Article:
- Dermatologists say you should re-apply sunscreen every two hours, especially when you're at the beach or outside for extended periods of time.
- You can still get a tan with sunscreen on, because while sun creams block many damaging skin-burning rays, they're not as great at filtering out the milder rays, which penetrate deeper into the skin.
- Sun burns can lead to skin cancer, which is why it's important to wear some protection when you're exposed to the sun, whether it's at the beach, or on a stroll around town.
It's getting warmer out there, and that can only mean one thing: sunburn season is just around the corner.
Americans tend to be pretty terrible at protecting skin from getting burned in the summer sun. According to the Skin Cancer Foundation, more people are diagnosed with skin cancer every year in the US than all other cancer diagnoses combined, making it the most common— and arguably one of the most preventable — forms of cancer.
The good news is that sunburns are avoidable, if you know how and when to apply your sunscreen.
Some dermatologists will tell you that any sun exposure that changes the color of your skin is too much. After all, this is a sign that DNA damage is taking place in your skin.
But NYU Langone Health Dermatologist John Zampella told Business Insider that he's not a "mean dermatologist" here to ruin your outdoor summer fun. He understands that a little sun exposure can be a crucial part of a healthy lifestyle, and he applauds his patients who get out to run and exercise outdoors, as long as they do it safely.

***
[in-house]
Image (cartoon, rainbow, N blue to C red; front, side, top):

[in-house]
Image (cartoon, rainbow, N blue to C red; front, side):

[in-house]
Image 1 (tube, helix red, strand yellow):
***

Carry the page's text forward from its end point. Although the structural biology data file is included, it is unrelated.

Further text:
"It's a good idea just to get into the habit of putting sunscreen on every day, no matter the weather," Zampella said.
He tells his patients to make SPF a part of their morning skin care ritual. "That's going to give you the best long-term benefits of both skin cancer prevention, and also anti-aging protection."
Staying active and soaking up a little vitamin D isn't necessarily a bad thing, as long as you're minimizing sun exposure time, and protecting your skin with an SPF, Zampella said.
Scientific studies suggest that avoiding the sun at all costs is not a good recipe for a long and happy life. One 2016 longitudinal study of more than 29,500 Swedish women found that the Swedes who avoided the sun altogether tended to die earlier than those who caught a few rays. Other recent research suggests that a little time in the sun on a regular basis can be good for your bones, your mood, and your waistline.Here are a few tips from the skin pros about how to enjoy the sun the right way:
Lathering up with sunscreen every two hours is a good benchmark, especially when you're at the beach or out all day basking in the sun's rays.
That's because a sunscreen's sun protection factor (SPF) value is only fully effective for two hours after you put it on. In other words, after two hours, your sunscreen isn't entirely doing its job anymore. For example, if you put on an SPF of 50 at 10 a.m., by noon, "you're probably still getting some protection, but your SPF 50 is no longer accurate," Zampella said. "Maybe you're getting SPF 10 at that point."
Speaking of SPF, The American Academy of Dermatologists suggests sunbathers go with a SPF of at least 30. Zampella carries a bottle of sunscreen with him every day, and says he probably applies it at least twice a day, even when he's not outside a lot.
People tend to be pretty good at lathering up their faces, but there are a few key spots that Zampella says patients tend to forget while they're putting on cream: don't forget to wipe your neck, as well as the tops of the ears.
Those are common places Zampella sees skin cancer pop up, so don't neglect to give them a good rub. And if you don't have as much hair as you used to, don't neglect the top of the head, either. Everyone could probably use a little bit of cream on the scalp line to keep it from turning red, anyway.
Finally, don't rely too heavily on sunscreen sprays. Zampella says they tend to disperse a lot of sunscreen into the air, instead of onto your skin, and what does land on your body tends to be a less even coverage layer than what comes out of a bottle of sunscreen.